The Wonderful Wizard of Oz (Paperback)
One of the true classics of American literature, The Wonderful Wizard of Oz has stirred the imagination of young and old alike for over four generations. Originally published in 1900, it was the first truly American fairy tale, as Baum crafted a wonderful fantasy out of such familiar items as a cornfield scarecrow, a mechanical woodman, and a humbug wizard who used old-fashioned hokum to express that universal theme, "There′s no place like home."
Follow the adventures of young Dorothy Gale and her dog, Toto, as their Kansas house is swept away by a cyclone and they find themselves in a strange land called Oz. Here she meets the Munchkins and joins the Scarecrow, Tin Woodman, and the Cowardly Lion on an unforgettable journey to the Emerald City, where lives the all-powerful Wizard of Oz.
This lavishly produced facsimile of the rare first edition contains all 24 of W.W. Denslow′s original colour plates, the colourful pictorial binding, and the 130 two-colour illustrations that help make The Wonderful Wizard of Oz so special and enduring.
About the Author
Lyman Frank Baum (1856-1919) was born in Chittenango, Ne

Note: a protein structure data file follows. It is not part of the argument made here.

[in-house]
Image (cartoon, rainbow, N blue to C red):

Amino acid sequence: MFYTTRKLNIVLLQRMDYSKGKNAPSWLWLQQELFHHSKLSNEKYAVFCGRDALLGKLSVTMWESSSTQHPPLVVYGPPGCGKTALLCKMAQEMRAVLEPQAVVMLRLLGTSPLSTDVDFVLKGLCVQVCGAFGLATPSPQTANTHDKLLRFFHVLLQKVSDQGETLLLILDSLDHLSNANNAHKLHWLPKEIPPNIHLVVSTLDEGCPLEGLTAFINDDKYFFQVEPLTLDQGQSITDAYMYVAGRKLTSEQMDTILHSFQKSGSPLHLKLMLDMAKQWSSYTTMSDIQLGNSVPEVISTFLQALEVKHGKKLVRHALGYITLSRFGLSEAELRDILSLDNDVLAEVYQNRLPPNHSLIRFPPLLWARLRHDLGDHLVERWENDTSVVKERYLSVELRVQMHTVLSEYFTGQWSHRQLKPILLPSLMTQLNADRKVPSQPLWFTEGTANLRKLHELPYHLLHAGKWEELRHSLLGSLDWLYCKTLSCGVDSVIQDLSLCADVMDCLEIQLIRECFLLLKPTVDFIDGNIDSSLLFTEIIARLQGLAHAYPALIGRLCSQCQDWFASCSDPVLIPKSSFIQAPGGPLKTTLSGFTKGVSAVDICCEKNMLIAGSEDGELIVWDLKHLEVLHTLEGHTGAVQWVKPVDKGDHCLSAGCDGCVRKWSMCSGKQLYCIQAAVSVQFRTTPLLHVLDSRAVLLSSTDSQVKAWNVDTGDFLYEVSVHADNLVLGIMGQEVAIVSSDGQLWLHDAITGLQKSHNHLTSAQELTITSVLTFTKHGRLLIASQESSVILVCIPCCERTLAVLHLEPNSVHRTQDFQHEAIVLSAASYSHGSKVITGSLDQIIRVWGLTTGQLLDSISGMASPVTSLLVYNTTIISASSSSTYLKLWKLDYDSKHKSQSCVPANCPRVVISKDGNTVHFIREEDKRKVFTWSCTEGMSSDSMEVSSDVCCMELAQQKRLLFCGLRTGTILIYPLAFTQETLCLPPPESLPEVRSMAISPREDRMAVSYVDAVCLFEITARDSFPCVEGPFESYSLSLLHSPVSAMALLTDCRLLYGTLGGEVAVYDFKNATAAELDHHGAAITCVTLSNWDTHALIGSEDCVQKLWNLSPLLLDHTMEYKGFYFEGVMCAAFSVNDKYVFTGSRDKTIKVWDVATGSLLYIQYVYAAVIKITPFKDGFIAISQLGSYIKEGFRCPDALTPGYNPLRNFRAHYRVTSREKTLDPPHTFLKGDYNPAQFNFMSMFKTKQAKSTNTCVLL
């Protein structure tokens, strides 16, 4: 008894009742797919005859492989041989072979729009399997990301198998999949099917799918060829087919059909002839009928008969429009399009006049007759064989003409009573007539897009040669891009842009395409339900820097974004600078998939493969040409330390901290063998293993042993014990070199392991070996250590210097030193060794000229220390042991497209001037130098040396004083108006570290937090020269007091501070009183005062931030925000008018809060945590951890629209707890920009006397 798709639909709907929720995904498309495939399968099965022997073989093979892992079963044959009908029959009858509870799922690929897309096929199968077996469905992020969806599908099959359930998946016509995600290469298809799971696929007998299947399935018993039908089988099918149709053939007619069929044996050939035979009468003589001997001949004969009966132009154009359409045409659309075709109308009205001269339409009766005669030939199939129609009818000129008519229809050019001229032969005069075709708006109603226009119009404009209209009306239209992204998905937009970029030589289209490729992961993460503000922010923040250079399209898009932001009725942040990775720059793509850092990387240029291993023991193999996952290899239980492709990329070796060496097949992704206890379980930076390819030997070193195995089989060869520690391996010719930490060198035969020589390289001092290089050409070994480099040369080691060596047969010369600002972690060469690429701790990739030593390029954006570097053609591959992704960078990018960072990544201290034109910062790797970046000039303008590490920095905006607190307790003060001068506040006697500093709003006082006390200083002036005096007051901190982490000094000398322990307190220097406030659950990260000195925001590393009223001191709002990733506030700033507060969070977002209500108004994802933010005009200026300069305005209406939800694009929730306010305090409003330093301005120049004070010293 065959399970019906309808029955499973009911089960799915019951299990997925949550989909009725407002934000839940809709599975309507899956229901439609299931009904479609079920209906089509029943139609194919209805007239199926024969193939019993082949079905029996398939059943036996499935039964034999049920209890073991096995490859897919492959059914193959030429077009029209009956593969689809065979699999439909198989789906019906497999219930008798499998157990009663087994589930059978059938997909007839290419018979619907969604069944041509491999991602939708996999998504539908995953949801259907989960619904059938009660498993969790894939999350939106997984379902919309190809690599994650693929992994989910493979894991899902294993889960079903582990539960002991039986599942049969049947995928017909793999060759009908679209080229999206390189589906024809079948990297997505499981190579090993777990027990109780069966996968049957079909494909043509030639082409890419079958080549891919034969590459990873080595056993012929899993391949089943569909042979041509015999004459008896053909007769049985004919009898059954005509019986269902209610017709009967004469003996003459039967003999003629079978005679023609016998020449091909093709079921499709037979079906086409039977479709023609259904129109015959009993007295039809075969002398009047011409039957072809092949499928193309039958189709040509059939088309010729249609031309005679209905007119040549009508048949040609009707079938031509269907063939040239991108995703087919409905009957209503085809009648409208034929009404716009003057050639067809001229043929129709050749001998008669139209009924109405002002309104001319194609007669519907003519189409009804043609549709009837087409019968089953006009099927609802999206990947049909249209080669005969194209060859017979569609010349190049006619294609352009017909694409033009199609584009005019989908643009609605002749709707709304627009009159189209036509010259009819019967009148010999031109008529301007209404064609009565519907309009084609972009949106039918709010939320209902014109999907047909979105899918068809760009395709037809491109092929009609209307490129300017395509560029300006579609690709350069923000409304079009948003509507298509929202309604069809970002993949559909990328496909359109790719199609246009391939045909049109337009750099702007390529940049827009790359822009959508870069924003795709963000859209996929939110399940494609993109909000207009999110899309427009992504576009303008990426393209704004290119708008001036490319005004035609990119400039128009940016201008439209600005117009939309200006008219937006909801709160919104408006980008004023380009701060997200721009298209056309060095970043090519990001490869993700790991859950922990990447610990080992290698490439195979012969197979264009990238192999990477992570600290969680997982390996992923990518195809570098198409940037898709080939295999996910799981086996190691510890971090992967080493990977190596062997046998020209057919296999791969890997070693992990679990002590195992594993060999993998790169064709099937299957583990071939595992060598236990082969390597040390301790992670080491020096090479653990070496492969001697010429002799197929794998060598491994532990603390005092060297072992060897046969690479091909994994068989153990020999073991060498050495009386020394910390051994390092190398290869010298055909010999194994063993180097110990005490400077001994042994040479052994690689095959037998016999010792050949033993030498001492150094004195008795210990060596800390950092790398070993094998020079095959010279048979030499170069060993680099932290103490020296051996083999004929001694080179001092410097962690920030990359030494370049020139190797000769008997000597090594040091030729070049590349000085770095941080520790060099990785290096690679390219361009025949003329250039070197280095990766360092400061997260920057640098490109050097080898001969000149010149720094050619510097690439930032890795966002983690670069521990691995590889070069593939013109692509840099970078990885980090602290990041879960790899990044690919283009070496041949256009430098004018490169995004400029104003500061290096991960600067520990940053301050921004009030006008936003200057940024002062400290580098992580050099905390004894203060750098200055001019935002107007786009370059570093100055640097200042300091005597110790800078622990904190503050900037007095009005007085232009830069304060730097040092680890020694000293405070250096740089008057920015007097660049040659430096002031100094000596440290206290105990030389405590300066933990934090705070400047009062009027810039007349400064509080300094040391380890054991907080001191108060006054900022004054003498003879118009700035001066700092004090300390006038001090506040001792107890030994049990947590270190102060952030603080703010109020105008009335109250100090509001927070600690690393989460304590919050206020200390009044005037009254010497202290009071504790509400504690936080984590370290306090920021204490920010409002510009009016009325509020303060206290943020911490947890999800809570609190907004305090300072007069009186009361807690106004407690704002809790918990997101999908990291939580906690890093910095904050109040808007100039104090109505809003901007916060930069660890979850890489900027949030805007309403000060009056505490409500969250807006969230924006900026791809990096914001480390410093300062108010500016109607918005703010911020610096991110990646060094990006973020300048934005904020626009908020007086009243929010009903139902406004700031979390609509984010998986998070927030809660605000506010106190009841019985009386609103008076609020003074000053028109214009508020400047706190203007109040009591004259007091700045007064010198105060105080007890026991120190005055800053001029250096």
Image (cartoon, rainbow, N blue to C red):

Lyman Frank Baum (1856-1919) was born in Chittenango, New York. After trying many different professions, he turned tw York. After trying many different professions, he turned to writing for children at the age of 40. "The Wizard of Oz "o writing for children at the age of 40. "The Wizard of Oz "is the first and most popular of his fourteen Oz novels. is the first and most popular of his fourteen Oz novels.
W. W. Denslow (1856-1915) was a prolific illustrator, cartoonist, and caricaturist, best remembered for his work in collaboration with author L. Frank Baum, especially his illustrations of The Wonderful Wizard of Oz, the first of the Oz books. An editorial cartoonist with a strong interest in politics, Denslow also illustrated his own books including Denslow's Mother Goose (1901), Denslow's Night Before Christmas (1902) and the 18-volume Denslow's Picture Books series (1903-4). The royalties from the print and stage versions of The Wizard of Oz were sufficient to allow Denslow to purchase Bluck's Island in Bermuda, and crown himself King Denslow I. However, he drank his money away, and he died in obscurity, of pneumonia.